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2013 - Issue 1
Winter Meadow by Sharon Chaples

2012: The Year In Review

At the end of each year we see reviews and top ten lists for almost everything - from arts to sports to politics to local events. I find them interesting as they are a reminder of the key things that happened in the area over the course of 12 months and they increase my understanding and comprehension of the area.

This newsletter is a listing of 12 things that happened of interest or were important to the Tankerhoosen Valley in 2012. I hope it will help you appreciate all that takes place here and realize what a treasure we have. It may also help you see the Valley as a single entity with entries from the Tolland County Agricultural Center in the east end of the valley to Talcottville in the west end.

Some of the items take place annually such as the Memorial Day Parade. Limiting this list to 12 some had to be omitted such as the annual spring Canoe Race and December Arctic Plunge. There is much more that goes on in the Valley on a regular basis throughout the year that also isn't included - hiking, biking, educational talks, picnics and swimming at Valley Falls.

This year we were fortunate to have two tracts preserved: the Tankerhoosen Wildlife Management Area and the Gunther Farm. A new trail was created and another rededicated. Linked to the items are lengthier articles written this year that provide more background.

The entries are arranged not in order of importance, but roughly as they occurred by month with the exception of the first item. That's the boring, but important, government actions and studies that affect how our natural resources will be exploited or preserved.

All in all it was a good year for the Tankerhoosen Valley, but most years are if we just get outside and enjoy what nature offers.

Jon Roe   

» Go to The Tankerhoosen website.

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1- Conservation & Development

A lot of pushing and pulling between conservation and development takes place in town hall and on commissions each year. Town regulation and planning has an effect on your enjoyment of the Tankerhoosen's resources as well as the taxes you pay and the value of your property. In 2012 there were three efforts you should be aware of and concerned about.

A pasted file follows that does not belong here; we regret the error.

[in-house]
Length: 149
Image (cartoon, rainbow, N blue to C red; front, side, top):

Vernon's Plan Of Conservation And Development (POCD) provides a framework for the use of land, population distribution and traffic circulation within our town. The Plan encompasses a long-term vision of the community, but also offers guidance for short-term decision making. Developing the Plan was the responsibility of the Planning & Development Commission and Vernon completed its two year effort in January. The choices made in attempting to balance the desire for both more development and more conservation will be with us for the next ten years. Learn more about the POCD.

Low Impact Development (LID) is an innovative approach to stormwater management. It applies the basic principle modeled after nature: manage rainfall where it lands. LID's goal is to mimic a site's pre-development hydrology by using design techniques that infiltrate, filter, store, evaporate, and detain runoff close to its source. Town and conservation groups initiated a study to develop LID regulations and a corresponding design manual for Vernon. A fourteen member Steering Committee, comprised of members of Vernon land use commissions, town planning & engineering staff, the development community, and interested citizens, worked with Fuss and O'Neill, Inc. on developing LID regulations. Their report was completed and presented in April. The Planning & Zoning Commission working with the Town Planner's office is still reviewing the results to recommend specific changes to our zoning regulations. Learn more about LID.